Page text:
5

I've tried mounting them in Ubuntu, no luck, mount does not recognize the yaffs2 file system. I've tried yaffs2utils and ./unyaffs2 but it doesn't actually unpack the img files, I've posted an issue about this on the Google Code page here.

The img files were created by CWM Recovery as a backup, and I'm trying to dig into the file system to find old contacts, and if I could just get the .db files I think I got it from there (I'll just run sqlite3 and peek into the db and print the contacts on paper or something).

Any help appreciated!

  • I'm not sure if this will let you retrieve contacts but it's worth a shot: play.google.com/store/apps/… – Matthew Read Jun 23 '12 at 15:22
  • Titanium Backup v5+ has the capability to extract from CWM backups as well :) – t0mm13b Jun 23 '12 at 15:25
  • I remember trying AppExtractor on the phone in question, it was unable to find any contacts so nothing was imported. If this was awfully important I'd try paying for TB but for now I'm just curious how to access the img files. – pzkpfw Jun 23 '12 at 17:16
  • Here's a very similar question which I've tried to answer: android.stackexchange.com/a/111010/109855 – Jon Coombs Jun 1 '15 at 3:48
6

To unpack a YAFFS2 image, you can use the free unyaffs tool, which is available as pre-build ELF-binary (for Linux) from this page at code.google.com. This page also contains hints on how to obtain the source code, so you could build the binary yourself e.g. with gcc (gcc -o unyaffs unyaffs.c).

I use this tool myself, it works fine on Ubuntu 8.04 32bit as well as Ubuntu 12.04 64bit (with the ia32-libs package installed).

Place the binary e.g. in /usr/local/bin (which is in your $PATH), so you can access it from everywhere. Put the image file you want to extract in an empty directory (unyaffs always seems to extract files directly into the folder the image file is in), and then call unyaffs with the image file name as only parameter, e.g. unyaffs data.img. After that, you will find the contents of that file system/image unpacked, and can investigate them -- e.g.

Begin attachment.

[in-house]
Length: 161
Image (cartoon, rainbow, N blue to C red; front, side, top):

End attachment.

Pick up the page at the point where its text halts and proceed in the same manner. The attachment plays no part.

• SMS/MMS in data/com.android.providers.telephony/databases/mmssms.db
  • Multimedia Metadata in data/com.android.providers.media/databases/*.db
  • Calendar data in data/com.android.providers.calendar/databases/calendar.db

As I just investigated a MotoBlur image, contacts in my case have been stored to data/com.motorola.blur.providers.contacts/databases/contacts2.db -- they are probably in a different location in your case (a guess: data/com.android.providers.contacts/databases/*.db).

The sqlite3 command works on them, naturally. If you prefer a graphical frontend, I can recommend you the sqliteman package (comes with a binary of the same name, which accepts the database file as parameter).

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1

You can install Titanium Backup and buy the Pro key.

It allows to extract app backups from saved CWM nandroid backups.

Usage: Launch Titanium Backup, Menu > More > "Extract from nandroid backup"

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  • How old does the CWM nandroid backup have to be to be considered old? I'm pretty sure it was a fairly recent version of CWM that made this backup. – pzkpfw Jun 23 '12 at 17:15
  • sorry, bad wording. fixed. – ce4 Jun 23 '12 at 17:21
  • Ok, I'll inform my friend that this is an option if he keeps nagging me about the lost contacts ;) – pzkpfw Jun 23 '12 at 17:28
0

What ROM was it in the backup?

If the filesystem was ext4 you could mount the img to loopback like this:

This is on Linux btw,

sudo mount -o loop,ro,noexec,noload system.img ~/mountedImageDir

Then go into that directory ~/mountedImageDir and you should be able to see the directory structure in there :)

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